Thousands of doctors set to flee the NHS following Brexit

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Nearly one in five qualified NHS doctors from the European Economic Area (EEA) have made firm plans to quit Britain following the Brexit vote, with many more thinking of leaving, a survey has revealed, raising fresh fears of a nationwide medical "brain drain".

The survey of 1,720 doctors from European Economic Area countries, conducted by the British Medical Association (BMA), found that their main reasons for considering leaving were Britain's decision to quit the EU; negative attitudes towards EU workers in the United Kingdom; and uncertainty over future immigration rules.

A British Medical Association survey found nearly half of NHS doctors from the European Economic Area are also considering leaving.

'Many have dedicated years of service to the NHS and medical research in the United Kingdom, and without them our health service would not be able to cope.

'We need clarity on what the future holds for European Union citizens and their families living in the United Kingdom, and an end to the uncertainty and insecurity that could see many voting with their feet.

A Department of Health spokesperson said: "This survey does not stand up to scrutiny; in fact, there are actually more European Union doctors working in the NHS since the European Union referendum, more European Union graduates joining the United Kingdom medical register and 3,193 more European Union nationals working in the NHS overall".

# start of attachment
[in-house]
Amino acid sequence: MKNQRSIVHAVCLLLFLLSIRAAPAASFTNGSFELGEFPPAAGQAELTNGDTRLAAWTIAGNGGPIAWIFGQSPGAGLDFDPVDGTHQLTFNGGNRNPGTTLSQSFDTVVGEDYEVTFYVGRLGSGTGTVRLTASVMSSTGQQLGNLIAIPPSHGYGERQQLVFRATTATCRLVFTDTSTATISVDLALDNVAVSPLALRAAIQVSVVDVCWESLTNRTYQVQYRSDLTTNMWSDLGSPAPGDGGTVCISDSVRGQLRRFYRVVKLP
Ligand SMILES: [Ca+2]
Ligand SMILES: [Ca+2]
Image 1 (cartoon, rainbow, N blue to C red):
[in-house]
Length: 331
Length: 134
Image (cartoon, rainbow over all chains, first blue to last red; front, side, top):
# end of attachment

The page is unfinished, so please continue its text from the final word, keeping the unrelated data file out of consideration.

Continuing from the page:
"To prevent the catastrophe of a Brexodus of NHS workers, the Government must immediately and unilaterally guarantee the rights of European Union nationals living and working in Britain, and make clear that our immigration system will remain welcoming in future".

"Our NHS and patient care are all the richer for having a diverse workforce - it's crucial we don't lose valuable experience and expertise because of Brexit".

The BMA spoke to 1720 medics of which 45% said they were considering leaving the United Kingdom, and 18% said they had already made plans to emigrate. They said: "This survey does not stand up to scrutiny".

The countries most likely to benefit from the exodus of NHS medical professionals were Germany, Spain and Australia.

Dr Nardini, who moved back to Italy in August after almost two years in Manchester and Teesside, said Brexit had been a "key factor".

"One of my main concerns was around whether my qualifications would continue to be recognised overseas and in the UK".

"There's so much uncertainty at the moment - moving back to Italy and completing my training here seemed like the safer option".

Shadow health secretary Jonathan Ashworth described the survey's findings as "extremely worrying".

"These new figures from the BMA are alarming, especially at a time when the NHS workforce is already under enormous pressure because of staff shortages, and impending winter difficulties are only going to exacerbate the problem", he said.